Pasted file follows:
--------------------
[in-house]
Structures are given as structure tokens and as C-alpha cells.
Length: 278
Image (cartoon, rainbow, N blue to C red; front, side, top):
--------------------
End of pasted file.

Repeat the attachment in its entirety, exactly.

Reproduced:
[in-house]
Structures are given as structure tokens and as C-alpha cells.
Length: 278
Image (cartoon, rainbow, N blue to C red; front, side, top):